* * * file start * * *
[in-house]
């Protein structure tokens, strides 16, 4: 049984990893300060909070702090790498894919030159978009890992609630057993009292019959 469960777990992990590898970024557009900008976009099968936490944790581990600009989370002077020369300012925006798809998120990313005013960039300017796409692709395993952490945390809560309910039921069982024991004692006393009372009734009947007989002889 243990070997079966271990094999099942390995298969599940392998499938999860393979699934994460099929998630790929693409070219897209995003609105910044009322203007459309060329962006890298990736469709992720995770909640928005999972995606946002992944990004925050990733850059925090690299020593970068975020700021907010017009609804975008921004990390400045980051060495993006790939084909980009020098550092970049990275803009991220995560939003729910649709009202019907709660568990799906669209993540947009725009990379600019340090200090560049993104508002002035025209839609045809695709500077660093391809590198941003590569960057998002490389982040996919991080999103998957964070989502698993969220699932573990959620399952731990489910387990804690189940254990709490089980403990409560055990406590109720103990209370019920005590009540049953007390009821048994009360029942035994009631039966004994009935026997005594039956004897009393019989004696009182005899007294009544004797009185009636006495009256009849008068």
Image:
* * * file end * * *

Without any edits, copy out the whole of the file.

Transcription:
[in-house]
């Protein structure tokens, strides 16, 4: 049984990893300060909070702090790498894919030159978009890992609630057993009292019959 469960777990992990590898970024557009900008976009099968936490944790581990600009989370002077020369300012925006798809998120990313005013960039300017796409692709395993952490945390809560309910039921069982024991004692006393009372009734009947007989002889 243990070997079966271990094999099942390995298969599940392998499938999860393979699934994460099929998630790929693409070219897209995003609105910044009322203007459309060329962006890298990736469709992720995770909640928005999972995606946002992944990004925050990733850059925090690299020593970068975020700021907010017009609804975008921004990390400045980051060495993006790939084909980009020098550092970049990275803009991220995560939003729910649709009202019907709660568990799906669209993540947009725009990379600019340090200090560049993104508002002035025209839609045809695709500077660093391809590198941003590569960057998002490389982040996919991080999103998957964070989502698993969220699932573990959620399952731990489910387990804690189940254990709490089980403990409560055990406590109720103990209370019920005590009540049953007390009821048994009360029942035994009631039966004994009935026997005594039956004897009393019989004696009182005899007294009544004797009185009636006495009256009849008068």
Image: